Dominoes are a type of tile game that can be used to create an array of shapes and patterns. They are also an excellent tool for learning basic physics principles.
The term “domino” refers to a set of rectangular pieces with one side that is blank or identically patterned and another side that features a number of dots, called pips, or none at all. The pips on a domino are usually arranged in a specific pattern, which distinguishes it from a regular tile. The pips on a domino may have a value of either 1, 6, 7, 8, or none at all (depending on the rules of a given game).
Each domino is normally twice as long as it is wide. This makes them easy to stack together, which can lead to an incredible variety of games. Dominoes can also be glued to other surfaces, such as wood, for even more possibilities.
Like playing cards or dice, dominoes are an important component of many table games. They can be used to build structures such as towers and pyramids, or they can be manipulated into straight lines, curved lines, grids that form pictures when they fall, or even 3D structures such as stacked walls. They can be played with two or more players, with the winner being determined by who has the most tiles in a given number of rounds.
Lily Hevesh grew up with dominoes, starting out with the classic 28-piece set her grandparents had. She started creating her own domino setups, and eventually started posting videos of them online. Now, she creates mind-blowing domino art for movies, TV shows, and events—including a Katy Perry album launch.
In a typical domino game, each player starts with seven tiles, and the first person to play their piece lays the first domino on the table. This begins a chain reaction that ends when a single domino, called the final tile, falls on top of all other dominoes.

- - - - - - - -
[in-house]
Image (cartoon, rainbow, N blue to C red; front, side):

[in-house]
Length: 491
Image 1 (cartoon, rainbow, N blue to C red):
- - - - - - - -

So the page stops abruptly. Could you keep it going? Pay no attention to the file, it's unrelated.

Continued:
The rules of a given domino game can vary, but most involve placing the tiles on a rectangular layout with open sides. This allows other tiles to be placed on those ends, connecting the dominoes into a line. Some games only allow additional dominoes to be placed on the open ends of a double, while others consider all four sides of a double as open for play.
When a domino is standing upright, it has potential energy, or stored energy based on its position. When a domino falls, most of that potential energy is converted to kinetic energy, or energy of motion. This energy then travels to the next domino, pushing it over, and so on, in a chain reaction until all of the dominoes have fallen. As a result, a simple act such as a person touching the end of a domino can trigger a massive chain reaction that lasts for miles. This is why it is important to be careful when handling a domino.